On the sails front I completed the job of removing the accumulation of deck paint under the car tracks which prevented free movement of the cars.  (They would move only with the use of a hammer.)  I tried sanding by hand but the awkward job of sanding the rock hard anti skid deck paint by hand would have taken weeks and probably done damage to my thumbs.  I modified my angle grinder to take a circular sanding disk and completed the job in about two hours.  Sure, the appearance of the deck paint has been marred by the removal of paint a times exposing the fiberglass but it had to be done because I needed to remove not only the recent deck paint but also the paint from earlier times.  I plan to touch up the areas under the tracks with a thin layer of left over deck paint  without the anti skid material.

The mainsail is on board and ready to go up now that I managed to replace the "gate" clip that prevents the sail slides from dropping to the exit openings by cleverly (if I say so myself) modifying an off-the-shelf clip that was not quite long enough.

The head sail story is somewhat interesting.  I was thinking ahead about clearing the enormous amount of junk stored in my garage and shed. There were two head sails that had been damaged on the circumnavigation and I had to either use them again or dispose of them.

My best head sail had been made by Steve Hartley of Taskers in 2008.  Due to over canvasing the boat through several gales while crossing the Bight I blew out both of my head sails.  While I was having those sails repaired in Adelaide I telephone Steve and that night he had the cutter at work for the manufacture of a very strong "laminated" sail.  The front of the sail was so thin that I could see stars through it, and the back of the sail was of standard material, probably Dacron.  The idea was to save weight.  In light airs the entire sail would be rolled out but as the wind got stronger the sail would be rolled in, leaving the stronger material to take the load.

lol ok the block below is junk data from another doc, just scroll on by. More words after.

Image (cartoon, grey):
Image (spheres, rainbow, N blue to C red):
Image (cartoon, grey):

The stitching of that sail gave way along two seams while approaching Cape Horn and I was forced to bend one of the sails that had been repaired in Adelaide and managed to reach Argentina while staring at the small slit in the sail and the flimsy looking patches along the tears.  During this time I spent many difficult hours using a palm to force a needle through the steel hard material to prepare the damaged sail for emergency use.  In Argentina Pato Salas did a more professional sewing job, but he did say "You still need a new head sail."  I wanted no more sail problems so I visited North Sails in Buenos Aires and asked for a head sail that could carry me through 45 knot winds.  The result was a heavy (about 9.5 oz) cruising sail that even today looks like new.

Back to the present day, I rolled out the laminated sail on the ground and to me it appeared to be in remarkably good condition.  I then rolled out the heavier of the two head sails that had been repaired in Adelaide and it looked even better.  On that basis I took the sails to Steve Hartley for an assessment.  He pronounced the laminated sail to be in amazingly good shape and he could get it ready for use for only about $500.  The Dacron sail also looked very good but replacement of the UV material along the foot and leech would make its restoration a bit pricier at about $1500.  Because I must either repair the sails or purchase a new one for about $4500 and because I hate discarding things that still have usefulness I gave Steve the OK to repair both sails.